The final ranking event of the season was End of Seasons at Weymouth. I had left myself with a lot of hard work to do. I needed to do really well at this event so that I made one of the Winter squads. I had been in IOCA squad last winter, so I wanted to go into a higher squad for this winter.
I thought it would be a good idea to do the IOCA pre-event training the week before at Weymouth to give me a good chance of doing well for the End of Seasons. It was a super windy weekend again, but I had a great weekend of training and really got used to the new set up on the boat. I was feeling ok about the following week – apart from the 6-hour drive both ways to get there!
The first day of End of Seasons was raining like crazy, so we all rigged up in the hanger and put our rigs in the rig stands to wait for launch. I was feeling really good about my BlackGold lite spars and my OneSail light, and spent quite a bit of time setting up my rig. We launched in quite light wind, with the race area in about 3 and 12 knots of breeze. The first race I finished 11th, which was ok, but not good enough – I needed to do better! So, I made some adjustments and set up my rig again before the next races. I got a 3rd and then a 5th, so it ended up as a great day on the water.
The forecast for the second day was for too much wind, so we were postponed for a bit to start with, but then we were told to get ready to launch, so we went sailing whilst the wind was about 25 knots. It must have got up to about 35 knots when we were sailing out to the race area – it was so windy! Just before the start, it dropped to about 15-26 knots. I was still feeling great about my BlackGold lite spars and OneSail light, and I could see my rig flexing in the gusts. I had also depowered by de-spriting my rig which helped a lot. We only managed 1 race before the wind really picked up and we were sent to shore. I got a 9th in that race, which I was really happy with. I finished 8th overall and 2nd junior.
I was really hoping from my great EoS results, and my not so good LSC result, that I would get a squad invitation. So, I was really happy when I got the invite to join National Squad for the Winter!
I’m looking forward to a great Winter of training with my new squad, with some of my friends. The pressure is off now for a while. The next event is the Winter Championships at Datchet, which is always great fun and I’m excited to race, now that I’ve got the boat really sailing fast for me and the set up is really great!
Endeavour Trophy 2019
Saxton and Lewis made it an incredible 5 in a row this weekend at the 2019 Endeavour Trophy. Highlight videos and full report below.
Endeavour Trophy 2019
The Endeavour Trophy Championship is one of the most prestigious sailing events in the UK calendar and dates back to 1961. This invitation-only event was created to pick out the “Champion of Champion’s” by gathering the winner’s of various National classes and pitting them against each other in predetermined boats over a weekend of racing in October.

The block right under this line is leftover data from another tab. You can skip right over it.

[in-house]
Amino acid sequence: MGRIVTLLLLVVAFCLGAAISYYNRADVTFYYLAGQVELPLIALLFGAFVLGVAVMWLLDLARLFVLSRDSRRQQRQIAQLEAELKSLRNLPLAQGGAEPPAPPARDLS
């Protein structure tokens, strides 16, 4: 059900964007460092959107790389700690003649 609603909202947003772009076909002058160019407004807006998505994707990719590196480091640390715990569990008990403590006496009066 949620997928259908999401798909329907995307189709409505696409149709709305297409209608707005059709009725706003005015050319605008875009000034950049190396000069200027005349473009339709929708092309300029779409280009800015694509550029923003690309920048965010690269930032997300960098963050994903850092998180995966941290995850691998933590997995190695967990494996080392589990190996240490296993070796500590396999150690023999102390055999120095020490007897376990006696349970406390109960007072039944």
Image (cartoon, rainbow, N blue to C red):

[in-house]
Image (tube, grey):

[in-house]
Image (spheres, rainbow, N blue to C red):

Stakes are high at this year’s Endeavour as last year’s winner Ben Saxton is hoping to improve on his tally of wins and make it five in a row, and six in total. Nick Craig, who currently holds the most wins, will also be competing and looking to take home the trophy for the seventh time.
Liz Adams, Managing director of Allen Brothers, Said “The Endeavour Trophy is such a special event, not only for the sailors good enough to be invited but also for the sailing community of the River Crouch. Having such a historical race taking part on local waters is great for aspiring future generations. Allen has been supporting the event for many years with Tony Allen repairing the trophy and Kim Allen being highly involved as PRO. We are proud to continue our support of this prestigious competition.”
The history of this event starts at the challenge for the America’s Cup in 1934 by Tommy Sopwith’s J Class “Endeavour”. After a dispute found him crewless and needing to find a replacement crew at short notice Sopwith contacted ‘Tiny’ Mitchell, the Commodore of the RCYC at the time, he rounded up a bunch of eager members – all of them amateurs – and sent them off to battle the prestigious “Rainbow”.
The series of races between the American defenders sailing “Rainbow” and the Amateur British challengers on “Endeavour” went on to be full of controversy. Endeavour won the first two races but lost the series, the closest the British have ever got to winning the coveted America’s Cup. Some years after the Americas Cup Challenge Robin Judah, RCYC member and GB representative in the International Dragon Class at the Acapulco Olympics had a conversation with Beecher Moore who was part of the Endeavour crew.
Together they worked to establish a series of races for dinghy sailors so that a “Champion of Champions” could be crowned. They agreed that a suitable trophy would be required and after a visit to London Silver Vaults Beecher purchased a replica of the J class Endeavour in silver and donated it to the RCYC. After several years of a victor claiming the trophy and a lack of appreciation from the value of the Silver J Class Replica it fell into a sorry state – sometimes going home rolling around the boot of a car under respective sailing equipment – Tony Allen, Co-founder of Allen Brothers, was tasked with the job of restoring the desirable trophy, and so he built the necessary tools to undertake the refit. The Endeavour trophy now stays in its display cabinet at the entrance of the RCYC clubhouse and the winner takes home a half model instead.
X2 AutoRatchet Review